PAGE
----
While some people may debate the merits of strength for BJJ, almost no one debates the need for good mobility. From helping you get into positions easier to keeping you more injury resistant, having good mobility can help you in a lot of different ways on the mat.
One of the biggest concerns I get from BJJ athletes about adding strength training into their regimen is that they do not have time for it. Family, work, personal lives and (most importantly) rolling all add up leaving some of us with less than three hours per week for any other type of training.
Most exercise professionals would agree that there are many components to fitness. A well rounded approach to fitness that addresses all of them is usually the best way to achieve lasting gains and continual progress from a program. Being deficient in even one of these components leads to slow progress and results in a condition I call “false fit”.
“False fit” is when someone perceives themselves to be fit when there are glaring holes in one of the 4 Fitness Components. While each area can cover other, more specific concepts here is a list and brief description of 4 Fitness Components you need to work on:
1. Mobility – Your ability to move freely while maintaining good posture. Also includes elements of body control and body awareness.
2. Power – Your ability to coordinate your muscles in order to create quick, dynamic movements. Life is dynamic and so everyone should have some sort of power training in their program, even if it is something as simple as slamming a medicine ball into the ground.
3. Strength – I define this a little differently than most. I define strength as your ability to create proper movement and maintain that proper movement under load. Creating a movement through compensation, such as using your lower back during leg exercises, is not true strength no matter how much weight you move.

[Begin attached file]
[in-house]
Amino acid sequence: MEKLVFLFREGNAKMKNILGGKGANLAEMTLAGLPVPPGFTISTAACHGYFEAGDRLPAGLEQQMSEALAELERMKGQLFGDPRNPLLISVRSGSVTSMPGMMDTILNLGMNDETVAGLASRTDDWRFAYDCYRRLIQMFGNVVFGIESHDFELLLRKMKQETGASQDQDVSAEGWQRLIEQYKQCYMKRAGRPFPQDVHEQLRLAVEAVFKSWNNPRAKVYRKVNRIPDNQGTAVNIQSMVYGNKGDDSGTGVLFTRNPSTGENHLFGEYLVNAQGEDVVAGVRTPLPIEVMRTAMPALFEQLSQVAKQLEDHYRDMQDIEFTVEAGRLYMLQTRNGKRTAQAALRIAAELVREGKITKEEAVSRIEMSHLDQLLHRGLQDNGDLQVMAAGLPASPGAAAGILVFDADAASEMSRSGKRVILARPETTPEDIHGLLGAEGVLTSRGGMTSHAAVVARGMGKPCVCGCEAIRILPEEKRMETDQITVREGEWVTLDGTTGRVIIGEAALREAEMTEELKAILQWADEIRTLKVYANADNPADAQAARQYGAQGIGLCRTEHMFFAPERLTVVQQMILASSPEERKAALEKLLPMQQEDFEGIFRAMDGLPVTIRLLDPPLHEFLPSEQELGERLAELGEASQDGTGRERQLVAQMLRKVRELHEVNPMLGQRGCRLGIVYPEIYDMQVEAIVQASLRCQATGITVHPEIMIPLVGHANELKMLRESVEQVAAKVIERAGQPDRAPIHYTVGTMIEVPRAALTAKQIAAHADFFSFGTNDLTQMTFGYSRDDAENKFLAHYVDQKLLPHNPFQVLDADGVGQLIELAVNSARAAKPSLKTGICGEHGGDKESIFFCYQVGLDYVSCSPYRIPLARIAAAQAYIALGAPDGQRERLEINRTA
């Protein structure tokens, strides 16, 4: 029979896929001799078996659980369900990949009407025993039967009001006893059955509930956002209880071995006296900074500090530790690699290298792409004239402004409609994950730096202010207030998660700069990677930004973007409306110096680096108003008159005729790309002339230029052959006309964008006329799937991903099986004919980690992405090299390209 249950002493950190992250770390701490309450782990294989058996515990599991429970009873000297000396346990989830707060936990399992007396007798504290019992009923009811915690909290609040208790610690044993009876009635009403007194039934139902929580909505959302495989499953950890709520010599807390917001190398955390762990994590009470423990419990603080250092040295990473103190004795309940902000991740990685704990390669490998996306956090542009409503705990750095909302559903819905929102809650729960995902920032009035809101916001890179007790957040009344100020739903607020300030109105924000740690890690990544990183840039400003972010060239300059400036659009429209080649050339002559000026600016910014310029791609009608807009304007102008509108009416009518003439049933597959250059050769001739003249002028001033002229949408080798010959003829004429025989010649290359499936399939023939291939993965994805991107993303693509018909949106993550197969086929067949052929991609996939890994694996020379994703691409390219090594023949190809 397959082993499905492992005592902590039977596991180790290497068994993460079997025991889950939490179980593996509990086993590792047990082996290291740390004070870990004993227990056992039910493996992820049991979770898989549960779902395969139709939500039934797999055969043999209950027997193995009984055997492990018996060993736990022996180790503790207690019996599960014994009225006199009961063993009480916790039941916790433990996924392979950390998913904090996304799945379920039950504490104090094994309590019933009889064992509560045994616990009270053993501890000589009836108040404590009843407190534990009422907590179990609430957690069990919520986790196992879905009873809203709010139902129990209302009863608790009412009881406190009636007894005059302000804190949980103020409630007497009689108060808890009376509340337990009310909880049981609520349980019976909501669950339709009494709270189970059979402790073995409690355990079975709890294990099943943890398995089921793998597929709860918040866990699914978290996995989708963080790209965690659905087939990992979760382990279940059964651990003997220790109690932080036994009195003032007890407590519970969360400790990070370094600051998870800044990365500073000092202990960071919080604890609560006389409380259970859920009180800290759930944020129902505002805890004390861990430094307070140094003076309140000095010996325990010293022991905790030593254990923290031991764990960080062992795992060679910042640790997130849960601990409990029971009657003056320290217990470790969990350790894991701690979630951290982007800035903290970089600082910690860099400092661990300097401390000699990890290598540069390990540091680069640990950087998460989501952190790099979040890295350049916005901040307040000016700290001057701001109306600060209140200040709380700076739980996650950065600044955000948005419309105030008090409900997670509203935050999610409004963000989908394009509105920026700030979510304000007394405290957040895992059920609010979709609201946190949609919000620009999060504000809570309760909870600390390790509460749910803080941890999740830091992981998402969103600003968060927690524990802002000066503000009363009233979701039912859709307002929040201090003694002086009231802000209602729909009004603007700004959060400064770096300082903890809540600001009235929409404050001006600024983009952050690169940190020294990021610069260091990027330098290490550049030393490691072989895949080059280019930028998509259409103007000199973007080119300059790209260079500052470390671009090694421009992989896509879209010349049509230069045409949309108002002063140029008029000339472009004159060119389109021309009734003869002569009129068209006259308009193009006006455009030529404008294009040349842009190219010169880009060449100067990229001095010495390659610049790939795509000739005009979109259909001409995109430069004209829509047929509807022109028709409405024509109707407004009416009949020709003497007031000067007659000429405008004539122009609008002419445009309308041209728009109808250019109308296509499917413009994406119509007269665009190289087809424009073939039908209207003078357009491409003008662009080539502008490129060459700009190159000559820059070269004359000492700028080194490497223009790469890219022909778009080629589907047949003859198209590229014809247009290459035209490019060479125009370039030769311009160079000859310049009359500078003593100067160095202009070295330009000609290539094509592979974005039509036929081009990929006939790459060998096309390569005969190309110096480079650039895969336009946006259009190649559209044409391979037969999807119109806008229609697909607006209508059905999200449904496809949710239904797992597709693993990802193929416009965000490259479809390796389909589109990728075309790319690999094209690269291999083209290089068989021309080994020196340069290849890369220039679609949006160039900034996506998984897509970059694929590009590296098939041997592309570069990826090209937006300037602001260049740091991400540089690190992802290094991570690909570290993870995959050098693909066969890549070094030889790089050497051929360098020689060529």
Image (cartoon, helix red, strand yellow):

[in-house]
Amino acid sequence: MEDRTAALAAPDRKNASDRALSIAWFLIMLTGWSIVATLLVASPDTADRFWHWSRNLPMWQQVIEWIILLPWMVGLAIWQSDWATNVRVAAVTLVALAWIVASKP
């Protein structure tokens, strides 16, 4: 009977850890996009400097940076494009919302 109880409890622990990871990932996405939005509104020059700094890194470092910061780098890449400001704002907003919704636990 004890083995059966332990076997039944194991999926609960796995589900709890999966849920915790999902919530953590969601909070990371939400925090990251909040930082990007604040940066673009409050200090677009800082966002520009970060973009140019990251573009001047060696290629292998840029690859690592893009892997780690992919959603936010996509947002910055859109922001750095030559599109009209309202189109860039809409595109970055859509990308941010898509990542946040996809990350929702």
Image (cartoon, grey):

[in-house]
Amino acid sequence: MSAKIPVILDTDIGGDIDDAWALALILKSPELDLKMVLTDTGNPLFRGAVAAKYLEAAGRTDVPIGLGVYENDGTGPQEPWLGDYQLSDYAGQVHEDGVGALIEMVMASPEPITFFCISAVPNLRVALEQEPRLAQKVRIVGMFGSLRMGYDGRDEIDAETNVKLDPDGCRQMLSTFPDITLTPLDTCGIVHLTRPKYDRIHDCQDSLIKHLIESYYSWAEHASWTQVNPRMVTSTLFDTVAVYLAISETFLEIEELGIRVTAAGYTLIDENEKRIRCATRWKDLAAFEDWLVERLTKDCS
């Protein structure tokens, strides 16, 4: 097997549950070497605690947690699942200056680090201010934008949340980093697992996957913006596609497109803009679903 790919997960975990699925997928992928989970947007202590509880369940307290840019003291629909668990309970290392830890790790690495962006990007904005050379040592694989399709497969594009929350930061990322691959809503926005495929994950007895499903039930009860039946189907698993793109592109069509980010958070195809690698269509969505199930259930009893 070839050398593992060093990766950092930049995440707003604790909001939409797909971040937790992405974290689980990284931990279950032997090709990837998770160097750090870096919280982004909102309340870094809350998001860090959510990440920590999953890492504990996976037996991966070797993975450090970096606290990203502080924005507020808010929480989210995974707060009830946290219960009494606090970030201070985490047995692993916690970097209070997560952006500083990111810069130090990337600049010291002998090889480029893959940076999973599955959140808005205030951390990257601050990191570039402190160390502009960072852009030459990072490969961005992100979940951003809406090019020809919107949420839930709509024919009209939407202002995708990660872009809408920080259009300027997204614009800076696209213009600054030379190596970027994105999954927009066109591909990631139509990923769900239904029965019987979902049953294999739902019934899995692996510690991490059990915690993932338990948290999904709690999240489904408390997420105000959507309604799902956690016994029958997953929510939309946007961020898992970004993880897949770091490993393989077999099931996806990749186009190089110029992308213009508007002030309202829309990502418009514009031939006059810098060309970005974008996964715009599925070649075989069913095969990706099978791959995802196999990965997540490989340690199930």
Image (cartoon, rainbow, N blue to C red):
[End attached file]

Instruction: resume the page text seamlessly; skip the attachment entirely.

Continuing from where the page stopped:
4. Conditioning/ Endurance – Your ability to engage in your chosen activities without excessive fatigue. A good conditioning program will also act as a catalyst for fat loss. For most people proper conditioning should focus more on intervals than on traditional steady state aerobics.
Do you do yoga and/ or Pilates but do not work on power and conditioning?
Do you run or bike but don’t work on mobility and strength?
Do you “body build” but don’t work on mobility and conditioning?
If you answered yes to any of those questions, or if you see something on the list above that you are not addressing, then you have developed the “false fit” condition. You are fit as it pertains to the particular activities and exercises you engage in but the truth is your fitness is limited. Get you outside of your comfort zone and your true fitness levels will get quickly exposed.
Our body wants to maintain a balance between the 4 Fitness Components. When we lose that balance we slow down our progress and set ourselves up for pain and injuries. Sometimes the answer to achieving the fitness levels that you want is not in looking for different twists on what you are already doing but in looking outside your box for new elements.
I tell people all the time that if you do not want to look and/ or perform like everyone else don’t train like everyone else. Most people are dissatisfied with their current fitness condition so don’t take the same approach they do. Make sure that you work on developing true, well rounded fitness and avoid the pain and frustration that goes with being “false fit”.
If you have any questions about how to avoid being “false fit” please post a comment below. And if you liked this article I’d really appreciate your help spreading the word by clicking one of the Like or Share buttons below.
Until next time…
The Kettlebell Swing is a very popular exercise in BJJ training circles but it is also an exercise that is often done wrong. If you want your Swings to translate over to the mat then you need to make sure that you are practicing how you want to move on the mats, not just “swing the kettlebell.”